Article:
Discount retailers were some of the few beneficiaries of the financial crisis, as cash-strapped consumers were forced to cut back on spending. With the economy and jobs pictures now improving, one would think that this growth would slow, and to some degree this is the case. Yet while they're no longer posting double-digit growth, dollar stores still seem to be doing well. Not valued too expensively at the moment, Dollar General (NYSE:DG) in particular seems like a good bet in the industry.
Introducing Dollar General
Dollar General is America's largest dollar store chain by market cap, currently at around $18.29 billion. The company operates more than 10,000 stores in 40 states, offering a wide range of discounted goods including packaged foods, personal care products, apparel, gardening supplies, hardware, and home office supplies. With a beta of 0.12, the stock is considerably less volatile than its benchmark, and is up around 12.7% in the last year, lagging the S&P.
Uneven economic recovery
While the headlines are full of reports touting the economic recovery in the U.S., as reflected in stock market all-time highs and strength in the housing market, not everyone has been able to benefit. For many Americans, things aren't that much better than they were a few years ago, and consumers are still cautious on spending in part due to the end of a payroll tax cut and weak disposable-income growth. According to some, this is boosting dollar store sales.
As a result, Dollar General has posted some very impressive earnings growth over the last few years, with annual EPS going from $0.47 in 2009 to $2.91 last year . For the first quarter of 2013, the company delivered record sales and net income, with net sales up 8.5% and same-store sales increasing by 2.6%.
With consumables performing especially well, in any case better than discretionary items, one could wonder what the following statement from CEO Rick Dreiling says about the state of the economy: "We believe that our customers' dependence on our everyday low pricing and convenient locations has never been greater [emphasis added]."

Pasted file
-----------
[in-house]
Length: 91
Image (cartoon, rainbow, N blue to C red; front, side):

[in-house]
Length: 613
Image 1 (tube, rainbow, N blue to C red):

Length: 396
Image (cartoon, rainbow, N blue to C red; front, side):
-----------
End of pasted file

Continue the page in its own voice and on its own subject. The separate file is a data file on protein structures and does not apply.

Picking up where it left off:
However, the company did moderate its outlook for fiscal 2013, now expecting a lower gross profit rate than previously anticipated. Still, things don't look too bad, with full-year total sales expected to increase by 10% to 11% and same-store sales to rise by 4% to 5%. Dollar General plans to open around 635 new locations throughout the year, and remodel or relocate some 550 stores .
Major competitor Dollar Tree (NASDAQ:DLTR) has also been coming out with some pretty good numbers recently, the most recent report showing a net sales increase of 8.8% and a same-store sales increase of 3.7%. According to management, the company is well positioned for the back-to-school and fall selling season, expecting low- to mid-single-digit same-store sales growth for the third quarter. Looking a little further out, however, the company's three-to-five-year expected EPS growth rate of 34.2% is considerably lower than Dollar General's hefty 56%.
Another competitor, Family Dollar (NYSE:FDO.DL), recently caught a downgrade from Deutsche Bank based on valuation, despite a third-quarter earnings beat. In the same report, Deutsche said Dollar General looked more attractive than Family Dollar going forward, citing easier comps and higher free cash flow. For the fourth quarter, the company is expecting continued pressure on discretionary products, in accordance with Dollar General's outlook . The company's expectation of fourth-quarter same-store sales of around 2% isn't too encouraging, nor is the expected three-to-five-year growth rate of 19.3%, at least compared to its competitors.
Valuations and metrics
In terms of P/E, there isn't much to separate the three companies discussed here. Dollar General trades at 19.21 times trailing earnings, versus Dollar Tree's 19.23 and Family Dollar's 19.95. Dollar General's forward P/E of 14.94 looks quite attractive, as does its 19.64% return on equity. Gross margin of around 32% is on par with the industry. Finally, the trailing-12-month operating cash flow of $1.09 billion is well ahead of the competition.
The bottom line
Various indicators have shown recently that the economic recovery so lauded in the media has not benefited everyone equally. In fact, it appears that it is another case of the rich getting richer. Dollar Store earnings support this notion. The discount retail industry is still posting fairly solid growth on the back of continued weak consumer spending. In the industry, Dollar General seems to be delivering the best growth, coupled with a reasonable valuation.